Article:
À partir de 30 september 2019, the full $0.4 million accrued restructuring liability balance was classified as a current liability in the Condensed Consolidated Balance Sheet.

OPMERKING 15. PROPERTY AND EQUIPMENT

Property and equipment consists of the following (in thousands):

30 septembre
2019

31 décembre
2018

Furniture and office equipment

$

2,600

$

2,237

Machinery and equipment

2,731

11,391

Laboratory equipment

351

351

Leasehold improvements

9,858

9,858

15,540

23,837

Less: Accumulated depreciation and amortization

(11,667

)

(10,773

)

Property and equipment, net

$

3,873

$

13,064

During the three and nine months ended 30 september 2019, the Company recorded depreciation expense of $0.3 million and $0.9 million, respectively.

In September 2019, the Company committed to a plan to dispose by abandonment certain owned machinery, with a carrying value of $9.6 million, residing at a manufacturing supplier as it would no longer be used in future production. The Company recognized a loss on disposition of equipment of 10,1 millions de dollars, inclusive of $0.5 million for disposal costs, in Selling, general and administrative expenses in the Company’s Condensed Consolidated Statements of Comprehensive Income during the three months ended September 30, 2019.

OPMERKING 16. SUBSEQUENT EVENTS

On November 6, 2019, the Company announced an acceleration of cost saving initiatives that are expected to deliver annual savings in 2020 and thereafter. These cost saving initiatives resulted from a review of the Company’s organizational structures, budgets, capital projects and capabilities. Pursuant to these cost saving initiatives, the Company expects to incur a charge of approximately $4.0 million in one-time severance and other benefits in the fourth quarter of 2019. The estimate of costs that the Company expects to incur and the timing thereof are subject to a number of assumptions and actual results may differ.


ITEM 2.

MANAGEMENT’S DISCUSSION AND ANALYSIS OF FINANCIAL CONDITION AND RESULTS OF OPERATIONS

FORWARD-LOOKING INFORMATION

Statements made in this “Management’s Discussion and Analysis of Financial Condition and Results of Operations” and elsewhere in this Quarterly Report on Form 10-Q that are not statements of historical fact are forward-looking statements within the meaning of Section 27A of the Securities Act of 1933, as amended (the Securities Act), and Section 21E of the Securities Exchange Act of 1934, as amended (the Exchange Act). We have based these forward-looking statements on our current expectations and projections about future events. Our actual results could differ materially from those discussed in, or implied by, these forward-looking statements. Forward-looking statements are identified by words such as “believe,” “anticipate,” “expect,” “intend,” “plan,” “will,” “may” and other similar expressions. In addition, any statements that refer to expectations, projections or other characterizations of future events or circumstances are forward-looking statements. Forward-looking statements include, but are not necessarily limited to, those relating to:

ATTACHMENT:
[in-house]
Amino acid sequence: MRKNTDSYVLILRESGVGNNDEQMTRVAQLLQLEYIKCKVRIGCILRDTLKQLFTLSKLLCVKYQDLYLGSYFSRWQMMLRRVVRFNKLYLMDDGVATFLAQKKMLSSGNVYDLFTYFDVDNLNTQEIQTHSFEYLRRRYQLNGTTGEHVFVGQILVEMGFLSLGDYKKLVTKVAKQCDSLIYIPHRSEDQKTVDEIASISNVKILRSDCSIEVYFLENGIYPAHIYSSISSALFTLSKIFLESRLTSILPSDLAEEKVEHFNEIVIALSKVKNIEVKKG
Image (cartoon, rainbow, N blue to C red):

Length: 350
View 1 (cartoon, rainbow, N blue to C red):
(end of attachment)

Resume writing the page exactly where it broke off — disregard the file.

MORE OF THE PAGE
the commercial success and market acceptance of our products and product candidate, long-acting cosyntropin;

the success of Collegium in commercializing NUCYNTA® ER and NUCYNTA®;

any additional patent infringement or other litigation, investigation or proceeding that may be instituted related to us or any of our products, product candidates or products we may acquire;

our ability to generate sufficient cash flow from our business to make payments on our indebtedness, our ability to restructure or refinance our indebtedness and our compliance with the terms and conditions of the agreements governing our indebtedness;

our common stock remaining in compliance with Nasdaq’s minimum closing bid requirement of at least $1.00 per share, and the resulting rights of holders of our Convertible Notes and Senior Notes to require us to repurchase their notes if our common stock ceases to be listed on the Nasdaq Global Select Market (or certain other U.S. stock exchanges specified in the agreements governing our indebtedness);

our and our collaborative partners’ compliance or non-compliance with legal and regulatory requirements related to the development or promotion of pharmaceutical products in the U.S.;

our plans to acquire, in-license or co-promote other products;

the timing and the results of our and our collaborative partners’ research and development efforts including clinical studies relating to our and our collaborative partners’ product candidates, including long-acting cosyntropin;

approval of regulatory filings, including evaluation of the Complete Response Letter (CRL) for the novel injectable formulation of long-acting cosyntropin and our and our development partner’s determination if the FDA’s comments can be adequately addressed;

our ability to raise additional capital, if necessary;

our ability to successfully develop and execute our sales and marketing strategies;